More than 2,500 children qualify for the federal free or reduced-price meal program in the Shoreline School District. During the school week, most of these children depend on the meals their school offers. Sometimes, the meals at school are the only ones they get. When the school closes it doors on Friday afternoon, many of these children go home to empty cupboards and empty bellies for 65 hours until they return to school on Monday morning. Around the area, you’ll find many teachers who can tell you about a student who came to school on Monday, not reluctant to start the school week but eager to get back to school after going through Friday evening, all day Saturday, and all day Sunday without a square meal—or knowledge of a source for their next meal. Those children are the reason we started the Weekend Backpack Programs. Who will feed them this weekend?
The Weekend Backpack Programs ensure that children in need have balanced, nutritious food they need to learn and grow. The concept is simple: children at risk of weekend hunger receive a bag of food that is child-friendly, nutritious, nonperishable, and easy to prepare and eat.
Each Backpack offers enough food that children can easily assemble into six healthy meals over the weekend when schools are unable to provide breakfasts or lunches. By partnering with churches, community organizations, school staff, and our local school district, the Backpacks are distributed to children in need through the schools—discreetly—each Friday afternoon or before a long holiday weekend.
For students in need, the program:
Improves attention span
Raises academic performance
Increases self esteem
In 2009, the first grass roots effort began in Shoreline after Polly Terman watched a 60 Minute special on child poverty. Wanting to offer food, love and hope to hungry kids in Shoreline, she began Backpack Kids out of her faith community, Calvin Presbyterian. Since that time, Polly has been instrumental in recruiting and encouraging other churches and organizations to begin to make a difference in our Shoreline community. Today, bags of food are assembled at more than 11 local churches and organizations and then distributed to more than 250 children at the end of the week. But for every child who benefits, there are many more still going without. With your help, we can provide more food to more children in need.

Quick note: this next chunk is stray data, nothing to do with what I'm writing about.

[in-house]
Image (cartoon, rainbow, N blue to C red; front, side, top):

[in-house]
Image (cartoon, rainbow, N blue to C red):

Food4Kids mobilizes communities, individuals and resources to provide food on the weekends for school children and youth in the Shoreline School District who might otherwise go hungry.
Food4Kids Shoreline was formed to help raise awareness and empower individuals and communities to take action. Each food pack costs between $9 per child per week, which adds up to $36 per month or $325 per year to support one child. Multiplied by 10, 20, or 50, these numbers can be significant -- and yet we have already seen what can happen when individuals come together and give sacrificially of their time and resources. Every contribution, big or small, collectively adds up to something quite astonishing. Alone we can do so little, together we can do so much.
Our mission is that every school-aged child in the Shoreline School District has the nourishment needed to learn and grow. As a leader in the movement to end childhood hunger, Food4Kids strives to ensure children don't go hungry on the weekends by empowering individuals and communities to take action.
Imagine a Community Where No Child Goes Hungry
Food4Kids Advisory Board
Food4Kids Shoreline is a community effort led by an Advisory Board consisting of representatives across the Shoreline and Lake Forest Park communities.
Polly Terman, Calvin Presbyterian
Leslie Eck, Lake Forest Park Presbyterian
Betty Blackburn, Shoreline Free Methodist
This advisory board will collaborate to raise awareness in the community and resource weekend backpack programs to expand their efforts in order to feed more children throughout the district, granting funds raised to programs ready to scale.